Urgh, Hosting Again

Many moons ago, around February 2011, I found myself again looking for a new hosting company. I’d used a string of companies up until then with varying levels of success. None too terrible and none too great either. I recently found myself here again and thought it worth writing up my experience.

Finding A Decent Hosting Company

You can do a search for “best hosting company <insert your country here>” and you’ll get article after article more or less pounding home the virtues of the usual suspects. HostGator, Bluehost, Hostinger, SiteGround etc, etc. I swear some of the articles are just lifted and shifted to other domains.

My advice here is to ignore these articles and ignore sites like Trustpilot too unfortunately. There are too many reasons to go into why here but suffice to say there are a lot of very untechnical people moaning about reasonable things and there seems to be a pattern of very aggressive handling of these reviews on the part of some hosting companies. Sometimes for fair reasons (see those non-technical reviewers silly complaints).

The upshot of that is you need to find reliable source of info out of the normal channels of company and product reviews. User forums are a good place to get real reviews and solid info. Find people that know what they’re talking about and take it on-board.

Remember that price alone is a poor indicator of the service you’re going to get. Some cheap hosts are actually really good and some expensive ones are terrible.

Avoid any company on this list

Access Their Support Offering

One of the biggest factors for me is support. If you can’t even engage with a person BEFORE you’re a customer, that’s an alarm bell for me personally. Whilst you’re not going to get the level of support I get using Azure or AWS with large projects spending thousands of pounds a month, a solid level of support is invaluable and hopefully response times within an hour or so, even a few hours is totally acceptable on lower end packages. If you need guaranteed fast turn around you’re gonna have to pay.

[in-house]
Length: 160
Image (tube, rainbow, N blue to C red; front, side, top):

Most will use a combination of chat and ticketing systems and this is usually a great method to be honest as you have a history of things to look back over should you need too. Phone support is getting rarer but is always nice to be able to actually speak to someone. Also check the quality of their documentation and help pages. How well written and organised this is, is also an indicator for me.

Gridhost Hosting Palava

Around January this year I had an email from my host company TSOHost. Telling me that they were retiring the platform I had been using Gridhost. I had originally found and joined Vidahost via discussions on the UK Host Forum and they had rave reviews from people I trusted. I signed up and was entirely impressed with everything. Support was great, the speeds were ideal etc … nothing to complain about.

A few years in they were bought by Paragon Internet Services and to be honest I didn’t see anything change really. Everything just carried on as usual. Prices were increased a little but nothing to complain about, it was all very reasonable.